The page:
&lt;xsl:value-of select="$string"/>
         &lt;/xsl:otherwise>
       &lt;/xsl:choose>
     &lt;/xsl:when>
     &lt;xsl:otherwise>
       &lt;xsl:value-of select="$string"/>
     &lt;/xsl:otherwise>
   &lt;/xsl:choose>
&lt;/xsl:template>

Chris McGrath provides a Microsoft Javascript alternative.

&lt;?xml version='1.0'?>
&lt;xsl:stylesheet version="1.0"
       xmlns:xsl="http://www.w3.org/1999/XSL/Transform"
       xmlns:msxsl="urn:schemas-microsoft-com:xslt"
       xmlns:user="user"
       exclude-result-prefixes="msxsl user">

&lt;xsl:output method="html" indent="no" />

&lt;msxsl:script language="JavaScript" implements-prefix="user">
&lt;![CDATA[
	function encodeString(str_in) {
		return escape(str_in);
	}
]]>
&lt;/msxsl:script>

.....

&lt;xsl:template match="Blah">
 &lt;xsl:element name="a">
  &lt;xsl:attribute name="id">&lt;xsl:value-of
select="user:encodeString(string(@name))"/>&lt;/xsl:attribute>
 &lt;/xsl:element>
&lt;/xsl:template>

.......

&lt;/xsl:stylesheet>

7.

Javascript Inclusion

Jeni Tennison

You can mix namespaces to use the MSXML 'msxsl:script' extension element *as well as* all the really cool stuff you get with XSLT 1.0.

The MSXML3.0 SDK documentation, which you can get from msdn.microsoft.com, tells you about what you can do with msxsl:script. But here's a small example.

<!-- include in the xsl:stylesheet element:
     (a) the version attribute as usual
     (b) the XSLT namespace declaration as usual
     (c) the MSXSL namespace declaration
     (d) a namespace declaration to identify your functions
     (e) the 'extension-element-prefixes' attribute to give the
         namespace prefixes that indicate extension elements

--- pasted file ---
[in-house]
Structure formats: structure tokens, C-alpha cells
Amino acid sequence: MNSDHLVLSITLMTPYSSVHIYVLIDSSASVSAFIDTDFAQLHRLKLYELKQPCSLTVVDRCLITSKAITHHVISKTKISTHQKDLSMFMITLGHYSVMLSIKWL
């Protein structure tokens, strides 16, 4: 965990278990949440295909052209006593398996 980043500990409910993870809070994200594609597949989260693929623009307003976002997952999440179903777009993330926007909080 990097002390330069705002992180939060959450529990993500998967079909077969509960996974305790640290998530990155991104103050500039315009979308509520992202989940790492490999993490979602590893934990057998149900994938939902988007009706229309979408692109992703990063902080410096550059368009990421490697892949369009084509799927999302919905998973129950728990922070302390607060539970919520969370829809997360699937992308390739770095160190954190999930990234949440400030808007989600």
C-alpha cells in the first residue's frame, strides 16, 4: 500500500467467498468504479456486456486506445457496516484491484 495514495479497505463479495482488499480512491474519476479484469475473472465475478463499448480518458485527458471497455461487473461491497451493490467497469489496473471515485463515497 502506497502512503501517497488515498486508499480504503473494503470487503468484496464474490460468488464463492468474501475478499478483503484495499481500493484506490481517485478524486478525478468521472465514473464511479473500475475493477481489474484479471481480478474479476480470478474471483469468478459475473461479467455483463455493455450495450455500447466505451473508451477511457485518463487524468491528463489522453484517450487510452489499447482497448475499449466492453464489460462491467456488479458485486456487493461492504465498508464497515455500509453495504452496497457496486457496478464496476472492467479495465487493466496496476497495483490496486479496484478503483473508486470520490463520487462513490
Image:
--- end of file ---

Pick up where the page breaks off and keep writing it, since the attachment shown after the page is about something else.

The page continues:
(i.e. 'msxsl')
     (f) the 'exclude-result-prefixes' attribute to indicate the
         namespaces that aren't supposed to be part of the result
         tree (i.e. 'foo') -->
<xsl:stylesheet version="1.0"
                xmlns:xsl="http://www.w3.org/1999/XSL/Transform"
                xmlns:msxsl="urn:schemas-microsoft-com:xslt"
                xmlns:foo="http://www.broadbase.com/foo"
                extension-element-prefixes="msxsl"
                exclude-result-prefixes="foo">
<!-- do whatever output you want - you can use full XSLT functionality
     -->
<xsl:output method="html" />
<!-- define the Javascript functions that you want to include within
     a msxsl:script element.
     - language indicates the scripting language
     - implements-prefix gives the namespace prefix that you declared
       for your function (i.e. foo) -->
<msxsl:script language="javascript"
              implements-prefix="foo">
              
   <!-- it's often helpful to use a CDATA section so you don't have to
        worry about escaping less-than signs or anything -->
   <![CDATA[

   <!-- define your functions -->